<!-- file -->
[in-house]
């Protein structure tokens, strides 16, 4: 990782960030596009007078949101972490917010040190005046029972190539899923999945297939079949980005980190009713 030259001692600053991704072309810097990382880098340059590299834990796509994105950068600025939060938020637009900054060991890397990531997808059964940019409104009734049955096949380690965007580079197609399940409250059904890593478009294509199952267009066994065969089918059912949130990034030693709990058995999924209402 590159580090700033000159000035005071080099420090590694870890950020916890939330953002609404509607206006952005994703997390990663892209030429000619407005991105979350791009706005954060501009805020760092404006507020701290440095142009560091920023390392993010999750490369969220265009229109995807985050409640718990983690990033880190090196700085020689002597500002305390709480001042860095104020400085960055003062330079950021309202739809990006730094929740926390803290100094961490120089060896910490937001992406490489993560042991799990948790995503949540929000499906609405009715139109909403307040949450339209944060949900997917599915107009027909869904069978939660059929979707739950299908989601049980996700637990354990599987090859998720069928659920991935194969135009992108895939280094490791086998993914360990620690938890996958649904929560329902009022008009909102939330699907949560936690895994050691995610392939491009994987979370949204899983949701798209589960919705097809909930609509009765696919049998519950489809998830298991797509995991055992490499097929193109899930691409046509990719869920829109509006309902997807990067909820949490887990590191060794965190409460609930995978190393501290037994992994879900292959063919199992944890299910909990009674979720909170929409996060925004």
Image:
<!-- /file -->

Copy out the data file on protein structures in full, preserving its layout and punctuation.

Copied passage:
[in-house]
């Protein structure tokens, strides 16, 4: 990782960030596009007078949101972490917010040190005046029972190539899923999945297939079949980005980190009713 030259001692600053991704072309810097990382880098340059590299834990796509994105950068600025939060938020637009900054060991890397990531997808059964940019409104009734049955096949380690965007580079197609399940409250059904890593478009294509199952267009066994065969089918059912949130990034030693709990058995999924209402 590159580090700033000159000035005071080099420090590694870890950020916890939330953002609404509607206006952005994703997390990663892209030429000619407005991105979350791009706005954060501009805020760092404006507020701290440095142009560091920023390392993010999750490369969220265009229109995807985050409640718990983690990033880190090196700085020689002597500002305390709480001042860095104020400085960055003062330079950021309202739809990006730094929740926390803290100094961490120089060896910490937001992406490489993560042991799990948790995503949540929000499906609405009715139109909403307040949450339209944060949900997917599915107009027909869904069978939660059929979707739950299908989601049980996700637990354990599987090859998720069928659920991935194969135009992108895939280094490791086998993914360990620690938890996958649904929560329902009022008009909102939330699907949560936690895994050691995610392939491009994987979370949204899983949701798209589960919705097809909930609509009765696919049998519950489809998830298991797509995991055992490499097929193109899930691409046509990719869920829109509006309902997807990067909820949490887990590191060794965190409460609930995978190393501290037994992994879900292959063919199992944890299910909990009674979720909170929409996060925004």
Image: